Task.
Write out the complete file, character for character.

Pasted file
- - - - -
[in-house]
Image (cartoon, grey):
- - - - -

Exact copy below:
[in-house]
Image (cartoon, grey):